5 Items you will need to prune your roses?

  1. Protective eye wear: Safety first!
  2. Heavy long sleeve shirt and a pair of heavy jeans: The right clothing will help protect you from the thorns when pruning rose bushes.
  3. Good gloves:We recommend gauntlet-style gloves for extra protection up your forearm. If you do not have them, a good pair of leather work gloves will do.
  4. Pruning shears: We recommend Bypass blades, they overlap and make a clean cut like a pair of scissors.
  5. Pruning saw or loppers: If your roses have not been pruned in years, you may need a pruning saw or loppers to remove the larger branches.

When is the best time to prune roses?

Spring is the best time to prune rose bushes. Most of your pruning should be completed in the spring, when the leaves and buds start to come out. Pruning rose bushes is easy, cut out any old or dead wood and then trim the whole plant back by about half its height. In the summer you can “Dead-Head” the spent flowers. Deadheading refers to pruning the old blooms off before they produce seed hips. This will encourage more blooms and keeps your roses looking neat and tidy. Also, you can prune any branches or stems that have died or look diseased or broken. Late fall is the second best time to prune rose bushes. In New Jersey specifically, November is a good time to prune plants. Prune to keep your rose bush from being too top heavy during the winter’s heavy snow weight. All crossing and rubbing branches should also be pruned on your roses. This is a basic pruning strategy for all plants once late fall rolls in. Remove any dead or diseased branches and foliage. We recommend cleaning your cutting tools frequently during pruning with a 10% bleach solution to prevent transferring potential disease issues between plants.


Let’s start pruning your roses!

But first, before we start, don’t be afraid to prune off a branch. Roses grow aggressively, so taking off a wrong branch will not kill your rose bush, in time it grows back. The purpose of pruning rose bushes is to encourage new growth, remove dead and broken wood, and shape the plant.

  • A basic pruning cut: Prune by cutting 1/4” to 1/2” above an outward-facing bud/eye. New stems will grow in the direction of the bud, the goal is to encourage them to grow outward, not inward. Make all cuts at a 45-degree angle sloping away from the bud, allowing water to run off.
pruning tool being used to cut a rose bush

Notice the pruning tool is angled to make a 45-degree cut above a new bud.

  • Start by removing broken branches and dead wood: Remove all broken branches first, then the dead wood. How do you know its dead? The color will be little off, appearing dark brown or even black, it may also look shriveled. Also, you can make a small cut into the plant to see just inside the thin layer of bark, if its brown it’s dead. You should remove all dead wood when pruning rose bushes.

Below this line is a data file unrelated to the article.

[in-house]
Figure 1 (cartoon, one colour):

Removing dead branches from rose bush

Remove dead branches when pruning rose bushes.

  • Next open-up the center of the plant: When pruning rose bushes, start at the base of the plant take out all crossing branches, which can rub against each other causing damage and promote disease. The goal is to have upward reaching branches with an open structure. Think about the roses you buy in your local garden store, there is only a few large upward branches, this is the look you want. Remove any thin and weak looking branches, the basic rule of thumb is to remove anything thinner than a pencil.
  • Pruning height: Prune to the height you want your rose bush to be, while keeping a consistent height throughout your landscape. If it is in the back of a border or plantings, leave them a little taller. For the rose bushes in the front of other plantings, prune lower. For hybrid tea roses, the lower you prune, the bigger the flower and longer the stem. These are good for cutting and placing in a vase in your home to show off all your hard work. Leave them a little taller and you will tend to get more smaller blooms on shorter stems.
Crossing branches of a rose bush

This picture shows what a crossing branch looks like.

  • Clean up all the debris: After pruning rose bushes, clean up all the clippings, and any old plant parts including old leaves that are in the surrounding area underneath the plant. Leaves and clippings can harbor insects and diseases, so they should be disposed of away from the rest of your landscape.

Rose bush cleared of all debris

  • Feed your roses: Roses love fertilizer and proper nutrition is very important, so we recommend feeding them with a high-quality slow release balanced fertilizer. Look for a fertilizer intended for roses. Start in the spring when the new growth is about 4 to 6 inches in length, and then every 6 to 8 weeks until the end of August. Roses need time to wind down for the year and go dormant so make sure to stop fertilizing in August.


Some other information about roses

  • Knock Out Roses

Many landscapers use Knock Out Roses to add variety and color to your landscape and require less maintenance. Generally, pruning is not needed until their second or third season, after reaching a mature height of 3 to 4 feet. Prune knock out roses at the same time as other roses. Knock Outs bloom on new growth so they should be pruned back by about 1/3 of their height.  Keeping in mind the overall finished shape you are looking for. Knock Outs tend to grow in spurts, they bloom, then rest, then another bloom. If a mid-season trim is needed, it is best done following a bloom, while in the resting phase. Deadheading will also help to stimulate new blooms. Knock Outs tend to produce a lot of rose hips that will inhibit flowering and triggering dormancy, so trimming them will keep your Knock Outs blooming all year long.

  • What are Rose Hips?